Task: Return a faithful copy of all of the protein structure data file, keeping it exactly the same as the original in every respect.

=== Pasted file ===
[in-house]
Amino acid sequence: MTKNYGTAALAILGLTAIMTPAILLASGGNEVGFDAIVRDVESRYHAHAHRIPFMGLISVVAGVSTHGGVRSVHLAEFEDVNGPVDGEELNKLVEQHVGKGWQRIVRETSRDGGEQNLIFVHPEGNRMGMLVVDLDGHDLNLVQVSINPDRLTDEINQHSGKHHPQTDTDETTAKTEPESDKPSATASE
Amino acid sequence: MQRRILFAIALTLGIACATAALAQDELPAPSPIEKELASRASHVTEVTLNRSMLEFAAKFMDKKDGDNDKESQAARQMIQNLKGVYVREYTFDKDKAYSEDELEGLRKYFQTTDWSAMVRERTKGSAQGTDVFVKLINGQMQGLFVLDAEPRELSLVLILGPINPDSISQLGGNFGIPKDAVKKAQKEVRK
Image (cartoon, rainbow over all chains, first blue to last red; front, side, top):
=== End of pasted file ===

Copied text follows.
[in-house]
Amino acid sequence: MTKNYGTAALAILGLTAIMTPAILLASGGNEVGFDAIVRDVESRYHAHAHRIPFMGLISVVAGVSTHGGVRSVHLAEFEDVNGPVDGEELNKLVEQHVGKGWQRIVRETSRDGGEQNLIFVHPEGNRMGMLVVDLDGHDLNLVQVSINPDRLTDEINQHSGKHHPQTDTDETTAKTEPESDKPSATASE
Amino acid sequence: MQRRILFAIALTLGIACATAALAQDELPAPSPIEKELASRASHVTEVTLNRSMLEFAAKFMDKKDGDNDKESQAARQMIQNLKGVYVREYTFDKDKAYSEDELEGLRKYFQTTDWSAMVRERTKGSAQGTDVFVKLINGQMQGLFVLDAEPRELSLVLILGPINPDSISQLGGNFGIPKDAVKKAQKEVRK
Image (cartoon, rainbow over all chains, first blue to last red; front, side, top):